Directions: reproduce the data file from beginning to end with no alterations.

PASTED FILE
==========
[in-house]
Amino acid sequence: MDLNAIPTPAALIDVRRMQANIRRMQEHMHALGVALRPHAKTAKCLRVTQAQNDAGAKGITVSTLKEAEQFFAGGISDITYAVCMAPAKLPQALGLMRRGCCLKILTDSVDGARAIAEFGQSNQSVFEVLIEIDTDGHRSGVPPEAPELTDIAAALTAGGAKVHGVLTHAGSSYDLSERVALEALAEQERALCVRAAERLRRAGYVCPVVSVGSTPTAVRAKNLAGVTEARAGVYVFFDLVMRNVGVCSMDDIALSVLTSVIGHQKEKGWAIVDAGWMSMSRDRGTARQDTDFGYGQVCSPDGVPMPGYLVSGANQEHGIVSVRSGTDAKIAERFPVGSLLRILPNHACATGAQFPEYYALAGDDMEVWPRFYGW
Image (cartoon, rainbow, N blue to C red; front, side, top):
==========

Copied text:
[in-house]
Amino acid sequence: MDLNAIPTPAALIDVRRMQANIRRMQEHMHALGVALRPHAKTAKCLRVTQAQNDAGAKGITVSTLKEAEQFFAGGISDITYAVCMAPAKLPQALGLMRRGCCLKILTDSVDGARAIAEFGQSNQSVFEVLIEIDTDGHRSGVPPEAPELTDIAAALTAGGAKVHGVLTHAGSSYDLSERVALEALAEQERALCVRAAERLRRAGYVCPVVSVGSTPTAVRAKNLAGVTEARAGVYVFFDLVMRNVGVCSMDDIALSVLTSVIGHQKEKGWAIVDAGWMSMSRDRGTARQDTDFGYGQVCSPDGVPMPGYLVSGANQEHGIVSVRSGTDAKIAERFPVGSLLRILPNHACATGAQFPEYYALAGDDMEVWPRFYGW
Image (cartoon, rainbow, N blue to C red; front, side, top):